Clemson alumna Shubhashrita Basu, Ph.D., economics ’21, an applied microeconomist working in the fields of health and labor economics, presented her work – co-authored with Kevin Thom and Avigyan Sengupta – on geriatric ADHD and economic outcomes at the Frontiers in Economic Analysis with Genetic Data conference at the University of Chicago in March. In her presentation, Basu shared some of the first evidence of the link between ADHD likelihood and later life outcomes in older adults.
Basu, now a postdoctoral research associate with the Center for Demography of Health and Aging, University Wisconsin-Madison, investigates how individuals respond to experiences and exposures through family linkages and other environments that impact their life-course outcomes. She sometimes leverages tools of social science genomics to explore some of these topics, as with the work she presented at the conference.
“Using an experimental module in the Health and Retirement Study with diagnostic questions for ADHD, we develop a statistical model to predict this disorder in study respondents based on readily observable outcomes and survey responses,” explained Basu.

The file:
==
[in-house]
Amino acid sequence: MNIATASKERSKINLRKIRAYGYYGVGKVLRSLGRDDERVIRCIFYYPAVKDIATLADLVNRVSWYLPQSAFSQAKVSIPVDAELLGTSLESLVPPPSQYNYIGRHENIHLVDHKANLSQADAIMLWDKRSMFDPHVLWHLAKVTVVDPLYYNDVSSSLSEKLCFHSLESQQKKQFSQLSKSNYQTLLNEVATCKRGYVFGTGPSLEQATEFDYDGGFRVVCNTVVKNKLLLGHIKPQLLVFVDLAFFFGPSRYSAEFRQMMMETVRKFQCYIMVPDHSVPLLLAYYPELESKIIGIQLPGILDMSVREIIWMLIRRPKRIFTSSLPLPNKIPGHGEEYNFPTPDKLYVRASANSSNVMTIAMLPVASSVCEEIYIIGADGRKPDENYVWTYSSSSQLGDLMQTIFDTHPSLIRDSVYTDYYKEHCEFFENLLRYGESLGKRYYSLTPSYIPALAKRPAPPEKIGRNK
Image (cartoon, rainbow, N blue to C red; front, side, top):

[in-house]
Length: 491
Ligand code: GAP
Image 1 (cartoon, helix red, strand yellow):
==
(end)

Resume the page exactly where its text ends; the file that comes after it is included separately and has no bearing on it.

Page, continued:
Basu et al. then used the polygenic index of predisposition to ADHD to evaluate whether childhood financial distress (CFD), a composite measure of financial adversity, moderates genetic risk in explaining the predicted likelihood of ADHD in elderly adults. Results show that the polygenic index is positively associated with very high values of their constructed ADHD likelihood. This relationship is particularly large for those growing up with high CFD.
Their findings further indicate that an 11% increase in estimated ADHD likelihood is associated with:
- A 6.7% decrease in probability of working.
- An 11% reduction in earnings among workers.
- An 11% reduction in household wealth.
Basu looks back fondly on her Ph.D. experience at Clemson, which she credits as the foundation of her research. She says that Clemson has been instrumental in helping her to achieve her career goals and applauds her department’s commitment to the success and excellence of its students.
“The Department of Economics at Clemson feels like a family,” recalls Basu. “My advisors were amazing, and I am still in touch with all of my committee members.”
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